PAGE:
Malaysian Filmmakers, Academics Slam Expanded Censorship Rules: ‘Filmmaking Is Now a Dangerous Vocation’

Filmmakers in Malaysia are predicting more arrests and criminal investigations if the government pushes through proposed guidelines to the country’s censorship system and expands the remit of the Film Censorship Board (LFP).

Malaysia has in recent years gained itself an intolerant reputation after numerous bans or restrictions on Hollywood and Asian films that have been widely released elsewhere. These have included Pixar’s “Buzz Lightyear” and Marvel’s “Thor: love and Thunder,” apparently due to their LGBT subplots or characters, and 2017 Indian blockbuster “Padmaavat” on religious grounds.

More from Variety

But the Freedom Film Network says that by expanding film censorship the government is undermining the development of the local, Malaysian, film industry that authorities proclaim to support.

“Filmmaking is now a dangerous vocation in Malaysia and far from the internationally competitive industry the Prime Minister imagines,” the organization said this week in an open letter. “With the new LPF guidelines we could potentially see an increase in arrests and investigations.”

Government is proposing to expand the scope of the LPF and to give national guidelines a more pro-Islamic stance.

Section 2.1.1 of the new LPF religious guidelines mean that films touching on “teaching that promotes anti-God [beliefs], atheism, agnosticism, scientology, religious pluralism, liberalism, blasphemy, supporting fanatical beliefs, criticising, denouncing or discrediting any religion” will be subject to more scrutiny.

After questioning whether the new rules can be applied to the embassies of foreign government, as the government is also proposing, the Freedom Film Network says that the regulations’ anti-liberal provisions and those against religious pluralism both violate the country’s founding principles or Rukun Negara.

Malaysia is a federal constitutional monarchy, with a multi-ethnic population of Malays, Chinese and Indians. “The Rukun Negara guarantees a liberal approach towards our traditional heritage that is rich and diverse,” the organization said.

Earlier this year, M. Raihan Halim, the filmmaker who made “La Luna,” a comedy about the opening of a lingerie shop in a conservative rural community in Malaysia, told Variety that some things were becoming easier for independent Malay-language filmmakers. “We have films talking about issues that had never been mentioned in cinema five years ago,” he said.

The Freedom Film Network is a non-profit organization that began as the FreedomFilmFest in 2003, Malaysia’s first and longest running human rights film festival, which will see its 20th edition this year. It produces and promotes social filmmaking in Malaysia through grants and capacity building and has produced original research about film censorship.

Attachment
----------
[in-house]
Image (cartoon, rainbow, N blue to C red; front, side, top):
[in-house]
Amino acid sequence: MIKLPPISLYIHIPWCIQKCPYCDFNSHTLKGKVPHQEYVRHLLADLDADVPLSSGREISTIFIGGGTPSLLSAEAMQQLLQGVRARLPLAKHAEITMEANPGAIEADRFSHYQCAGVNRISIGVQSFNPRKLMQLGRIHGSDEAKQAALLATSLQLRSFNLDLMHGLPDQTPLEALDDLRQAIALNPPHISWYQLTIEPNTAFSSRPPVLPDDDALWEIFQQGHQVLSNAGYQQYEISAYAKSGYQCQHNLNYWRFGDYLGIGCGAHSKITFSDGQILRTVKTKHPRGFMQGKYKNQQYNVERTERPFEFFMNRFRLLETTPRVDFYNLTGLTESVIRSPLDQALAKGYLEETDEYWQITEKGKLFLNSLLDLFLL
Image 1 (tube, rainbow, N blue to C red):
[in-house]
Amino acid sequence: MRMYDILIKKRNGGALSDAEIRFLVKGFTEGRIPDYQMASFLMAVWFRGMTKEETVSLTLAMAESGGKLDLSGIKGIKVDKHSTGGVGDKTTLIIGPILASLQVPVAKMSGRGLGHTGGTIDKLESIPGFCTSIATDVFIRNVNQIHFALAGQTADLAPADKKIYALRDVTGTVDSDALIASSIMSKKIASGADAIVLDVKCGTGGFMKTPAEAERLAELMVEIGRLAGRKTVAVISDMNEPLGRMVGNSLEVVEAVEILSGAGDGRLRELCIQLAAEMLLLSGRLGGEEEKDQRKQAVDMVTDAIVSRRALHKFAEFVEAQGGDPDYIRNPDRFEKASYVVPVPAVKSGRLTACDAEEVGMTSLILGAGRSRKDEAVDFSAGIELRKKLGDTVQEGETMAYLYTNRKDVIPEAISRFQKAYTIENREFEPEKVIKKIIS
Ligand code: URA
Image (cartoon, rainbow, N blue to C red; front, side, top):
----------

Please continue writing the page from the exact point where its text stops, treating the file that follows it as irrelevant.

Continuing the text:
“Our statement comes after sustained engagement with the film censorship board. Unfortunately, it appears that only the most conservative stakeholders have had their feedback incorporated into the guidelines,” a spokesperson told Variety.

Other academics have already described the new regulations as “reactionary.” Khoo Gaik Cheng of the University of Nottingham recently told the Free Malaysia Today publication that “the guidelines appear to target liberals,” and that “if in the past, filmmakers have complained that the guidelines were vague, suddenly these subpoints outline in a micro-managerial way what is forbidden, and in this case, it is much worse.”

“There is no room for subjectivity and criticism at all, even of one’s own faith [..] We are a nation much more impoverished by these guidelines,” said Khoo.

In recent years, successive Malaysian government have become more assertive in their efforts to rein in parts of the entertainment and media industries.

In 2017, Disney pulled the release of its “Beauty and the Beast” after the LPF sought four minutes of cuts, far more that the film’s famous ‘gay kiss’ moment.

Last year, Amanda Nell Eu, director of the coming-of-age drama and body horror film “Tiger Stripes” disowned the version of the film that was released in her home country. Though the film received the Grand Prize at the 2023 Cannes Critics’ Week and was selected as Malaysia’s Oscar contender, at home material conveying the “joy of being a young girl in Malaysia [..] who is maybe different from the rest, misunderstood, or has the urge to express herself differently from others,” was deleted on the instructions of the LPF.

This year the director and producer of the film “Mentega Terbang,” which depicts a Muslim girl exploring other faiths, was charged with hurting the religious feelings of others. The film has been banned, but last week a magistrates’ court ruled that the filmmakers may challenge the constitutionality of the Section 298 charges and take the case to the High Court.

And in another incident, in March this year, the Johor Yellow Flame organization was successfully prosecuted for a planned screening of the Hong Kong protest film “She’s in Jail.” The screening was canceled by enforcement officers from the Home Ministry. Organizer Lee Chen Kang was fined.

Further regulation seems a possibility.

In mid-2022, Deputy Communications and Multimedia Minister Zahidi Zainul Abidin, said that the government and the Islamic Affairs Department (or JAKIM), were committed to curtailing the spread of LGBT culture in the country. He blamed “foreign elements” for the problem.

In March this year, Home Minister Saifuddin Nasution Ismail said that he planned to hold meetings with the Communications Ministry with a view to extending the remit of the LPF to video streamers. Currently, the LPF has jurisdiction over theatrical releases, but not content carried on the internet.

Best of Variety

Sign up for Variety’s Newsletter. For the latest news, follow us on Facebook, Twitter, and Instagram.